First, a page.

The Chinese yuan has slumped sharply against the US dollar this year, and is sliding towards what many analysts deem the psychologically important seven-dollar mark.
Although Chinese officials are actively defending the currency, they don’t outwardly seem worried about the dollar-yuan disparity.
“In the future, the world will continue to enhance the recognition of the renminbi,” said Liu Guoqiang, the Chinese central bank’s deputy governor, at a policy briefing last week (link in Chinese). The fluctuations in the exchange-rate, he insisted, are only a short-term trend.
Why is the yuan falling?
A number of factors are putting downward pressure on the yuan, also known as the renminbi.
For one, the strong dollar—pushed up by the US Federal Reserve’s tightening to rein in inflation—is decimating world currencies. Relative to the dollar, the yuan has fallen about 9.5% so far this year, compared to nearly 25% for the Japanese yen and almost 15% for the euro. But even the 9.5% tumble is a momentous fall in the yuan’s history—and worse may be in store, as the Fed prepares for another 75-point rate hike next week.
China’s own economic woes aren’t helping either, with depressed demand stemming from a precarious real estate sector and disruptions from the country’s continuing zero-covid policies. In turn, as the Chinese central bank cuts key interest rates to stimulate the stalling economy, US and China monetary policies are diverging, pushing the yuan down still further.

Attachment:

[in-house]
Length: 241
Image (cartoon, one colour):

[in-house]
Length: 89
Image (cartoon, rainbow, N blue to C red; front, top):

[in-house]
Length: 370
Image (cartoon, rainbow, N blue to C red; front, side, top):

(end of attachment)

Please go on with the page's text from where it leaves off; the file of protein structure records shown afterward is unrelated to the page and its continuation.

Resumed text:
“[G]iven the hawkish stance of the Federal Reserve and the increasingly less appealing yield differential between China and the US, capital outflows may increase and further weigh down the renminbi,” Alicia Garcia Herrero, chief Asia-Pacific economist for France’s Natixis bank, wrote in a note this week.
China’s reactions to the weakening yuan
So far, Chinese officials and analysts have sounded a sanguine note in the face of the tumbling yuan.
They note, for example, that while the yuan is on track for a record fall against the dollar, it has actually held up relatively well against a trade-weighted basket of currencies. The yuan exchange-rate index calculated by China’s foreign exchange trading platform shows the yuan sitting roughly at where it was at the start of the year.
“From a global perspective, the renminbi is still a strong currency,” the state-run newspaper Securities Daily cited multiple analysts as saying in an article last week (link in Chinese).
Other analysts at Chinese brokerages caution that the importance of the yuan breaching the seven-dollar mark is more psychological than it is substantive.
Guan Tao, global chief economist at Bank of China Securities, warned against “over-interpreting or overreacting” to the depreciating yuan in an essay last week (link in Chinese).
Ming Ming, the chief economist at Citic Securities, echoed that sentiment. “The recent depreciation of the renminbi exchange rate is more, or excessively, reflective of the impact of the Fed’s policy tightening and the European energy crisis,” he told Securities Daily (link in Chinese). “Whether the RMB exchange rate ‘broke 7’ is no longer that important.”
Still, China’s central bank is clearly taking the task of defending the yuan very seriously. The People’s Bank of China allows the yuan to trade within a 2% band around a mid-point it fixes every morning. On Wednesday (Sep. 14), it set that daily reference rate with the strongest bias yet, at 6.9116 per dollar, a record level above the average estimate.